‘Time For After’ Perfectly Embodies My Frustrations with The Walking Dead

Time After The Walking Dead
Photo Credit: Gene Page/AMC

Time For After Plot Summary:

Negan (Jeffrey Dean Morgan) needs to figure how to get his people out of the walker surrounded Sanctuary. He looks to a conflicted Eugene (Josh McDermitt) for answers. Rick (Andrew Lincoln) is at the mercy of The Scavengers while Daryl (Norman Reedus) is about to mess everything up.

‘Time For After’ is the perfect embodiment of my frustrations with AMC’s hit zombie apocalypse drama.

Here we have an episode that has strong performances, strongly structured action sequences, and tension. By this description alone you’d think this was a really good episode.

But it wasn’t.

It was absolutely frustrating because the story, and the actions of the characters within it are so illogical. This has been the hallmark of this series for nearly three years. When things start getting good, the writing takes you completely out of it.

The show had actually built itself two strong stories to take us into the midseason finale…the traitor(s) within The Sanctuary, and the impending storming of the Sanctuary by The Walkers.

And there’s real tension in these stories. However, the writers, in their “we can’t have nice things” mode undercut both stories.

The whole conflicted/not conflicted Eugene thing is a bit ridiculous. Josh McDermitt did a fantastic job in the episode. He absolutely acted his ass off. However, the way the writers positioned Eugene, and some of the dialogue they gave him — complete misses. Eugene is all about helping people, but he’s really only concerned about himself? He has sworn off Rick and the Alexandria squad in a matter of months … and that’s because … Negan likes him? The same guy who brutally murdered two of his closest friends (Abraham and Sasha)? He’s all about being Negan’s buddy, but yet doesn’t turn Dwight in? The same Dwight who threatened his life? The same Dwight, who intentionally or not, has allowed Walkers into The Sanctuary and people are dying?

That’s a lot of questions.

These are not cliffhanger questions. The writers are to be obviously trying to complicate matters but Eugene’s motivations are muddled, and they leave us more confused, than inquisitive. Why not just have him pretend to be on Negan’s side, have a little bit of conflict (particularly when The Walkers invade), and leave us there. Now we’re really wondering what side he’s on.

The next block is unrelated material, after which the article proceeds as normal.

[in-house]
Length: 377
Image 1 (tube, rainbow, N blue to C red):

Then there’s the whole “The Gang Murder All The Saviors” storyline. At the beginning of this season everyone was on board with Rick’s plan until Episode 2. Then seconds into that episode it all falls apart. No build, just flat out disfunction. Then “this is why we can’t have nice things” mode goes into high gear, and Tara, Daryl, and Morgan need to murder everyone. Three characters who were based on compassion for their fellow man now want full-on genocide. Makes sense. Oh, and Michonne wants in on mass murder too.

So Daryl drives a truck into The Sanctuary and let’s all The Walkers in.

Here’s why this is a stupid (and obvious) thing to happen. First, you’ve just allowed for the possible extermination of The Walkers, the best weapon the alliance has. Eugene’s going to create enough bullets so The Saviors will in fact just sit there and mow The Walkers down in a flurry of bullets. So, bravo guys. Also, you’ve made the alliance looks like murderous assholes, which they are, and the Saviors and their subordinates will unite together to save themselves from becoming a buffet. So Rick’s plan is blown, and you’ve really just made our “heroes” into complete villains.

Also, you just know Rick and The Scavengers (another dumb ass storyline) are going to walk into the fray and see what’s happened. The Scavengers will obviously be disgusted, and they’ll bail on Rick again. While we’re we’re talking about it, how stupid is the whole Scavengers thing? Yes, the Rick in his undies vs. a Walker and various Scavengers was fun — but they so easily returned to his side? AND he trusts them? Really silly.

‘Time For After’ should have been a really strong episode, but instead things get complicated for the sake of complication. Instead of being clever or leaving us with some shred of intrigue, the writers insist on sorrow, misery, and bloodlust to get through episodes. This show used to be so much fun, so intense, so scary — now it’s just an endless sea of misery, much like the world we find our characters in.

Rating: 4.5 out of 10

Bill Bodkin is the gray bearded owner, editor-in-chief and co-founder of Pop Break. Most importantly, he is lucky husband, and proud father to a beautiful daughter named Sophie. He can be seen regularly on the site reviewing The Walking Dead, Doctor Who, and is the host of the site's podcast, The BreakCast. He is a graduate of Rutgers University with a degree in Journalism & English. Follow him on Twitter: @BodkinWrites